Here are some lessons drawn from GlobalGiving’s ongoing Feedback Fund, an experiment to improve the ways organizations listen to people. Last time I shared examples of feedback loops. This time the lessons are about how using data about feedback loops can help us make smarter funding decisions.
Feedback Labs (a consortium co-founded by GlobalGiving in 2013) provides a convenient self-diagnostic quiz that organizations can use to understand how well they are listening to the people they try to serve. It breaks the feedback process down into six steps:
Answering a few questions gives you an overall score. In my hypothetical example, I need to do more community dialogue.
We asked all Feedback Fund applicants to take this quiz and analyzed their existing feedback systems. It tells us what they do well and what they struggle with.
More effective organizations struggle the most with community buy-in
The chart below shows quiz scores for all applicants. Scoring at least a 100 (y-axis) means you’ve can listen effectively. If an organization has mastered the other five parts in a feedback loop (design, collect, analyze, dialogue, course correct), buy-in remains the hardest step.
At the opposite end of that chart, the red dots represent organizations that struggle with many stages of the feedback loop. They have no system to absorb feedback into their programs. Many of these organizations choose to start by “collecting feedback” first. Their applications were very focused on how GlobalGiving could help them collect data, sometimes ignoring the other five steps entirely.
However, we believe the first thing organizations ought to focus on, because it yields the greatest improvements, is better dialogue with some course correction based on feedback. Statistically, better dialogue correlated the most with higher scores. This is the hardest step, and it doesn’t require technology. It requires intentionality within the organization.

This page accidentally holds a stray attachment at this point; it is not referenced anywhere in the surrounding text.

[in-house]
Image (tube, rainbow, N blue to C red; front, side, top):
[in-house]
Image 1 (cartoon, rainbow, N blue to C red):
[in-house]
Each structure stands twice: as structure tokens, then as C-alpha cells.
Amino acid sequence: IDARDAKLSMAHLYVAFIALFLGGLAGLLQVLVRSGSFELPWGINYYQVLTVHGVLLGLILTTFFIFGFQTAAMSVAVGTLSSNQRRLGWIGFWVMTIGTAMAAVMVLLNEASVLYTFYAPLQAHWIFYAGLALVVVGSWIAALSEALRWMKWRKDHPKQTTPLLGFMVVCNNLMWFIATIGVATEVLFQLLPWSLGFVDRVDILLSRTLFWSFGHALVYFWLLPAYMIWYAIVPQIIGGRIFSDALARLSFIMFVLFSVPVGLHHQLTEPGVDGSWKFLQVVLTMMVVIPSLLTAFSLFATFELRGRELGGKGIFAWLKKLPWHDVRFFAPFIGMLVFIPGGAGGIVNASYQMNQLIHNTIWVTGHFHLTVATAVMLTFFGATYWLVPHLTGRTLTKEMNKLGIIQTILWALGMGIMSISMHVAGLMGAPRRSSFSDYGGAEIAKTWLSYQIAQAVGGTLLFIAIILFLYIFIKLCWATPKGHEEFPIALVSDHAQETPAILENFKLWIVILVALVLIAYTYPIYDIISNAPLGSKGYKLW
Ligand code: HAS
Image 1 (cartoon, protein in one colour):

When we found ourselves in the unusual role of a Grantmaker choosing organizations, we decided to give organizations at both ends of the spectrum funding to experiment with feedback loops. What we cared about most was whether they had really thought about how feedback could help them improve a specific program. Later, I ran this analysis of quiz scores against the organizations we chose to fund (in green) and those we chose not to fund (in red dotted line below):
Guess what! The average feedback quiz scores for each part of the loop are pretty much the same between grantees and non-grantees, except in the case of dialogue and course correct. These steps are harder than the others, and differentiate great organizations from the rest, as I shared previously.
Even without the quantitative scores, our team could tell from the qualitative data (written applications) which organizations were more interested in using the fund to expand their community dialogue and course correct steps. Yay for qualitative data!
I believe an honest conversation with the people you aim to serve is far more valuable than pages of numbers in a spreadsheet. And it is much easier to quantify conversations with people than you think.